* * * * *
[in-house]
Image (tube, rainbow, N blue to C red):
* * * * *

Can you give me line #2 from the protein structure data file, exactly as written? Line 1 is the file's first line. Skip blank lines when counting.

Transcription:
Image (tube, rainbow, N blue to C red):